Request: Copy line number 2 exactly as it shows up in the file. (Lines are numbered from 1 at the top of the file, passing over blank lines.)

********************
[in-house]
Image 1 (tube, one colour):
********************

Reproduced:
Image 1 (tube, one colour):